At a hearing held March 4, 1986, the district court granted the motion for summary judgment, denied the motion to amend the First Amended Complaint without prejudice as to future claims not based on RICO, and granted $350 in sanctions under Fed.R.Civ.P. 11. On April 2, 1986, the dealers filed a notice of appeal from this order. On April 7, 1986, Franciscan filed a notice of cross-appeal from the award of sanctions, insisting that the sanctions were inadequate. On April 30, 1986, the district court entered a judgment conforming to its earlier order. On May 22, 1986, the dealers filed a notice of appeal from this judgment. All notices were timely under Fed.R.App.P. 4(a). This court has jurisdiction under 28 U.S.C. Sec. 1291. The two appeals and the cross-appeal are consolidated in this action.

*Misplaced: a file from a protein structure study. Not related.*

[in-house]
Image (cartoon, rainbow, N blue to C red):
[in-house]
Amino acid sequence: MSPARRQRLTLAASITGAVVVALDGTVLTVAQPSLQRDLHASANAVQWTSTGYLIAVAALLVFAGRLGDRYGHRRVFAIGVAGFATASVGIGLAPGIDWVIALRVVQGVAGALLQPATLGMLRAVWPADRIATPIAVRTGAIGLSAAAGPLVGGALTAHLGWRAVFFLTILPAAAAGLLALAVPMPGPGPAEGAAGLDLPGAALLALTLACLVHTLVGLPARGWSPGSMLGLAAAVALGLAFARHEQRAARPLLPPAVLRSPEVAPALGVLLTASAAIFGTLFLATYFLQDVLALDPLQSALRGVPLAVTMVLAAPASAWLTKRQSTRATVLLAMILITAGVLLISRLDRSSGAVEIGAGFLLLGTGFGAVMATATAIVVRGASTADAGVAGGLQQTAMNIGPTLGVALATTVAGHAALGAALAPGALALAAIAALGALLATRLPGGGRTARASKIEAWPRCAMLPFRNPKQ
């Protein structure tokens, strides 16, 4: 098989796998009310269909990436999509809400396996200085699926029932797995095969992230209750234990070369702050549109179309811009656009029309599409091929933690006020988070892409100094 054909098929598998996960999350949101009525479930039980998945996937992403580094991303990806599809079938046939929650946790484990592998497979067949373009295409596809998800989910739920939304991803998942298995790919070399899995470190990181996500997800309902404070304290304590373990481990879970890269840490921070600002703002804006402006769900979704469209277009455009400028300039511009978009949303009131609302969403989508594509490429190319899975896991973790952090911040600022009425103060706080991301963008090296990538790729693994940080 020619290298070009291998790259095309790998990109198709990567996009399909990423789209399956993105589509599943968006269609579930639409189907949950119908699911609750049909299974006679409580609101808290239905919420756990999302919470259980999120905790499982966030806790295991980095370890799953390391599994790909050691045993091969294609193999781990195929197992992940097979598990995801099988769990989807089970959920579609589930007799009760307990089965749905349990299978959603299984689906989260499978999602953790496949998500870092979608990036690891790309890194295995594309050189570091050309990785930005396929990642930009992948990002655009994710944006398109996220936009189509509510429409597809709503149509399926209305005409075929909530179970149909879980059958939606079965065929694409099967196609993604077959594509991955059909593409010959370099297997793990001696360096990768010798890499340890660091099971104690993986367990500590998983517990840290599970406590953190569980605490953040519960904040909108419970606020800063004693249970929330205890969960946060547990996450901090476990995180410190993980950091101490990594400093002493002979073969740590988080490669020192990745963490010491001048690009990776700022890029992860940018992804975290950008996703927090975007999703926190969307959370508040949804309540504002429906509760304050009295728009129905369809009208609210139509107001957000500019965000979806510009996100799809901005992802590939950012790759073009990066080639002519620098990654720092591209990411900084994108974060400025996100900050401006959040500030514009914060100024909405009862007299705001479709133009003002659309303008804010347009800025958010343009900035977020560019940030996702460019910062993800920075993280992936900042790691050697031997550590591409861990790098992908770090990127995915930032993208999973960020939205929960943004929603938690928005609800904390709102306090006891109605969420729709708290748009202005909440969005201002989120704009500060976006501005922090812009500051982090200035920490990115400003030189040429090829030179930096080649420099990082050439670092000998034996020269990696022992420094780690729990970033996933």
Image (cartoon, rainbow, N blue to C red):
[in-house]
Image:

A. Standard of Review for Summary Judgment

As we regularly recite, this court reviews de novo a grant of summary judgment. Gabrielson v. Montgomery Ward & Co., 785 F.2d 762, 764 (9th Cir.1986). Under Fed.R.Civ.P. 56(c), summary judgment is appropriate if the pleadings and supporting materials "show that there is no genuine issue as to any material fact and that the moving party is entitled to a judgment as a matter of law."